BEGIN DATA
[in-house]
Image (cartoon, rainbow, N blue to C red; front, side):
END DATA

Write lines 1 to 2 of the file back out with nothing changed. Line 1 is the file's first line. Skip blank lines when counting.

[in-house]
Image (cartoon, rainbow, N blue to C red; front, side):